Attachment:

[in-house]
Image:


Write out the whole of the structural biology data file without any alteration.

[in-house]
Image: